Ancient Rome and the Rise of Christianity (509 B.C. A.D. 476)

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1 Chapter 6, Section World History: Connection to Today Chapter 6 Ancient Rome and the Rise of Christianity (509 B.C. A.D. 476) Copyright 2003 by Pearson Education, Inc., publishing as Prentice Hall, Upper Saddle River, NJ. All rights reserved.

2 Chapter 6, Section World History: Connection to Today Chapter 6 : Ancient Rome and the Rise of Christianity (509 B.C. A.D. 476) Section 1: The Roman World Takes Shape Section 2: From Republic to Empire Section 3: The Roman Achievement Section 4: The Rise of Christianity Section 5: The Long Decline Copyright 2003 by Pearson Education, Inc., publishing as Prentice Hall, Upper Saddle River, NJ. All rights reserved.

3 Chapter 6, Section 1 The Roman World Takes Shape How did geography shape the early development of Rome? What were the major characteristics of government and society in the Roman republic? Why was Rome s expansion in Italy successful?

4 Chapter 6, Section 1 Geography and Rome Rome is located in the center of the Italian peninsula. This location helped the Romans expand in Italy and beyond. The Apennine Mountains run down the center of Italy but are not too rugged. Fertile plains supported a growing population. Ancestors of the Romans settled along the Tiber River. These villages eventually grew into Rome.

5 Chapter 6, Section 1 The Roman Republic In 509 B.C., the Romans drove out the Etruscans and set up a new government, which they called a republic. In a republic, some officials are chosen by the people. In the early republic, the senate dominated the government. Its members were patricians, or members of the landholding class. Little by little, the plebeians, or common people, gained some political power. These included the right to elect their own officials, called tribunes. The tribunes could veto, or block, laws that they felt harmed plebeians. More than 2,000 years later, the framers of the United States Constitution would adapt Roman ideas of government, such as the senate, the veto, and checks on political power.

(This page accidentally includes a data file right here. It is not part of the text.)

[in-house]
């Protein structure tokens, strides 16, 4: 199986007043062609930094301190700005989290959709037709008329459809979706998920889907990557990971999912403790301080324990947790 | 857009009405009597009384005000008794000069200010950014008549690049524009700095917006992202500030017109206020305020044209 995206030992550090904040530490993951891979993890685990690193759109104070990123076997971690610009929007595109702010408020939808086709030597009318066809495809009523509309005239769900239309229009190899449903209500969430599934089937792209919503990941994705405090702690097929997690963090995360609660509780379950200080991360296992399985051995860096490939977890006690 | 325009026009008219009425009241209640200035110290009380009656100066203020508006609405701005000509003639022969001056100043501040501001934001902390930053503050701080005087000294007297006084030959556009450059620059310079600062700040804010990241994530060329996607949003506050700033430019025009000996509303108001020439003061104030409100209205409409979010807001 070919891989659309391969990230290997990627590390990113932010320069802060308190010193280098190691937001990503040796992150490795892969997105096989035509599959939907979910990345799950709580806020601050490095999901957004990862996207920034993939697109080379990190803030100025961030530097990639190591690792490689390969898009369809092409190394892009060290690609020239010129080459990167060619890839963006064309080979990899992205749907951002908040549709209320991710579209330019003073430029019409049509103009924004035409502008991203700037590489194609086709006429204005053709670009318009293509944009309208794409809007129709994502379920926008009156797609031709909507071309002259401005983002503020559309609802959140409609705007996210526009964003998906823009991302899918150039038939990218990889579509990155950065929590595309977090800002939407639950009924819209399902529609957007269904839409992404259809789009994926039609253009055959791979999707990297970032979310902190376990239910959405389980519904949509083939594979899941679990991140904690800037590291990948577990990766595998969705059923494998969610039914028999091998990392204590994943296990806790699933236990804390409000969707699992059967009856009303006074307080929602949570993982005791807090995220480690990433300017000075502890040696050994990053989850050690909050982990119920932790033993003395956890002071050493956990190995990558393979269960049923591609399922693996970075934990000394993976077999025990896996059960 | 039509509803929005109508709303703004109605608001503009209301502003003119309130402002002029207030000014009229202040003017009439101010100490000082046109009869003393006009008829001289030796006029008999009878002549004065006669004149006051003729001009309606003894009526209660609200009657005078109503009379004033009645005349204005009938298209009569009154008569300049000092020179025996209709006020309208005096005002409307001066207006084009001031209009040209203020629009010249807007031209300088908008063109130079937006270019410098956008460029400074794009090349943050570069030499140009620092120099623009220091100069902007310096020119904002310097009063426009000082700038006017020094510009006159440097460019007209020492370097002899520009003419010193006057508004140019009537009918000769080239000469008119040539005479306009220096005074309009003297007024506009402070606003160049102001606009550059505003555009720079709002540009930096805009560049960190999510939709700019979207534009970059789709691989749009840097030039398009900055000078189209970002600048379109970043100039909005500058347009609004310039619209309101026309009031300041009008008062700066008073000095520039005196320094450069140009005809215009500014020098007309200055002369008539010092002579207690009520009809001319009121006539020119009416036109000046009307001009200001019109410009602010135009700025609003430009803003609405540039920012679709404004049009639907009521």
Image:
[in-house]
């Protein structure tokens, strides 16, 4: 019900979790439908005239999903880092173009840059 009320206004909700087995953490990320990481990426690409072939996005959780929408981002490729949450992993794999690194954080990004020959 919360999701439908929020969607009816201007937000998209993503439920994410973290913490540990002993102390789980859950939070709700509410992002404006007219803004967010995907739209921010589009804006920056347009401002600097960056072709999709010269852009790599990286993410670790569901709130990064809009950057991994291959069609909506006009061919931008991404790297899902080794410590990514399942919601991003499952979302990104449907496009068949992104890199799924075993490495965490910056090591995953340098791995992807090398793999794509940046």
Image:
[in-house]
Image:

6 Chapter 6, Section 1 Roman Society FAMILY The family was the basic unit of Roman society. Male was head of household and had absolute authority. EDUCATION Both girls and boys learned to read and write. Education was highly valued. Women gained greater freedom and influence over the centuries. Some women ran businesses. Most worked at home, raising families. WOMEN RELIGION Gods and goddesses resembled those of Greeks and Etruscans. Religious festivals inspired sense of community. Romans built many temples for worship.

7 Chapter 6, Section 1 Expansion in Italy By about 270 B.C., Rome controlled most of the Italian peninsula. Why was Rome s expansion in Italy successful? Skilled diplomacy Loyal, well-trained army Treated defeated enemies fairly Gave rights to conquered people

8 Chapter 6, Section 2 From Republic to Empire How did Rome win an empire? Why did the Roman republic decline? How did Roman emperors promote peace and stability in the empire?

9 Chapter 6, Section 2 Winning an Empire After gaining control of the Italian peninsula, Rome began to build an empire around the Mediterranean Sea. The Romans followed a policy of imperialism, establishing control over foreign lands and peoples. Carthage, Macedonia, Greece, and parts of Asia Minor became Roman provinces, or lands under Roman rule.